Reforms do not always make things better
China has made great strides in implementing an agenda that began 41 years ago on reform and opening up. In particular, notable progress and improvements have been made in a variety of areas since China joined the World Trade Organization in 2001.
As the independent voice of European business in China since that same year, the European Chamber actively participates in the legislative process. The Chamber’s advocacy activities are widely recognised by the Chinese authorities and maintained through the efforts of its working groups and desks.
We launched the #becauseofus campaign to show our gratitude for the joint efforts made by all stakeholders: governments, think tanks, member companies and our working group and desk managers. The winning entry in this round, by Vöoker Müeller, Senior Business Manager, describes the positive impact of advocacy by the Chamber’s Healthcare Equipment Working Group.
The ‘two-invoice’ how well-intended reform efforts may have unwanted side-effects that require the concerted efforts of all stakeholders, including those in the industry, to ward off calamities.
The distribution market for medical devices in China is in a precarious state. In late 2017, the number of trading companies for medium and high-risk medical devices in China reached 410,000; this means on average 34 distributors for each public hospital. Many of the trading companies serve only a few hospitals, lacking qualified personnel as well as high-end means of transportation and storage. Because of hefty mark-ups in the supply chain, the prices of medical devices for hospitals in China are often much higher than in Europe. Despite strong efforts of the government to create a clean market, corruption is still widespread. To paraphrase an official: ‘It takes years and a huge amount of money to train a qualified medical doctor, and then we lose him, because we are not able to establish a clean, corruption-free environment.’
One of the government’s answers to this malaise is the ‘two-invoice system’, a unique regulation existing only in China. The name, the ‘two-invoice system’, is a direct translation of the Chinese ‘两票制’, a set of regulations that limits the number of distributors. The manufacturer (or in the case of imported products, the importer) sells their products to a distributor (first invoice), with the distributor then selling directly to the hospital (second invoice). According to the ‘two-invoice system’, secondary distributors or local dealers are not permitted. The first phase of the ‘two-invoice system’ saw it implemented for the distribution of pharmaceutical products, where it yielded some positive results. In the second phase, many provincial governments also wanted to apply the system to the medical device industry.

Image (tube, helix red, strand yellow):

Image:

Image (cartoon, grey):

There is one big difference between pharmaceutical products and medical devices: medical device distributors are not just sales and logistics companies, but are also indispensable service providers for many types of complicated devices. Local distributors offer valuable services, like training for medical doctors, commissioning devices necessary for surgery, and the maintenance and repair of devices. In the case of implants, it is often the distributor who monitors whether the patient is doing well after being discharged from hospital. A distributor must undergo intense training by the manufacturer before it can qualify to deal with a device.
By definition, services need to be close to the customer. Several Chinese provinces are as large as major European countries, and in many cases a single distributor cannot provide high-quality service to all four corners of a province. In a few provinces where the government insisted on implementing the two-invoice system for medical devices, manufacturers came up with a ‘workaround’ of splitting delivery and service, employing one company complying with the two-invoice system for logistics and billing and another local company to provide the service. Obviously, this makes the whole supply system even more complex, and drives expenses up instead of limiting them.
The members of the European Chamber’s Healthcare Equipment Working Group analysed the difficulties of implementing the ‘two-invoice system’, submitted written recommendations to the authorities and held a series of meetings with provincial government agencies. Fortunately, most government officials proved very open to well-founded arguments and constructive recommendations, and did not extend the ‘two-invoice-system’ to medical devices.
Advocacy, if done well, may be a ‘win-win-win’ game, everyone wins; the government, the public healthcare insurance, the hospitals, the patients and finally the industry.
- Distributors provide a necessary service that neither the doctors nor the manufacturers are able or willing to provide. This concerns the health of all of us; we hope to see even further improvement in the quality of service for medical devices.
- The ‘two-invoice system’ has positive effects on regulating the operation of medical device manufacturers and distributors. It can reduce costs in the distribution process and lower the economic burden of hospitals and patients. But in order to improve after-sales service quality, it’s important to re-evaluate the ‘two-invoice system’. The European Chamber contributed a lot towards solving this issue, this will have a long-term positive impact on Chinese trade and China’s healthcare reform.
 China Association of Medical Equipment, Development of the Medical Device Industry in China (in Chinese), People’s Medical Publishing House, Beijing, 2018, p. 16